Because Marvel used a cheap printing process back then, the Hulk's gray didn't reproduce well so he was green by his second issue. THen he went from fairly smart but mean to nearly brainless and under the mental control of Rick Jones. Then he got Bruce Banner's intelligence and became almost a normal hero - something would happen and Banner would run to his gamma ray machine and turn into the Hulk. But something happened and the transformation stopped being reliable. And all of that was on only a half dozen or so issues.

Hulk moved into the back of Tales of Adventure as the back-up for Giant-Man (and later for the Sub Mariner). By this point he changed into a dumb Hulk when angry and changed back when he calmed down. This went on for a couple of years until Banner got shot in the head. Rick snatched the body and managed to trigger the change back to the Hulk. With a bullet in his brain, the Hulk had Banner's personality again but if he changed back he would die. A few months later the Leader dissolved the bullet but gave him such a high dosage of gamma rays that he was permanently the Hulk. Until a few years later when a radioactive pool turned him back into Banner.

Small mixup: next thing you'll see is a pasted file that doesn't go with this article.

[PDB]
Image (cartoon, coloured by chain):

Exposure to a radioactive missing link caused a one-time change to Banner with the Hulk's personality.

For the next several years it seemed like the Hulk had found his niche. He was a dumb but well-meaning guy with a bad temper and a liking for beans. Sometimes he changed back into Banner but it never lasted long. Also, the phrase "The madder the Hulk gets, the stronger he gets," became a major plot point. The Hulk could beat anyone if he got mad enough. In a cross-over, he knocked Superman into orbit. Something had to change.

One day, after a fight with an extra-terrestrial energy being and a trip back to Earth, Banner woke up in the Hulk's body. This was different than before. Usually when the Hulk had Banner's intellegence he still had a different personality. Not this time. He was pure Banner. Banner went back to inventing stuff.

It didn't last. In about a year the Hulk's personality was coming back and Banner withdrew completely. The Hulk became a mindless, savage beast. He was banished to a mystic crossroads int he hope that he could find a new home dimension that he liked.